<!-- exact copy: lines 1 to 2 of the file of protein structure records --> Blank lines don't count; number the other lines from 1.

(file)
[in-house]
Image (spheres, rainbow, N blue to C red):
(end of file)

[in-house]
Image (spheres, rainbow, N blue to C red):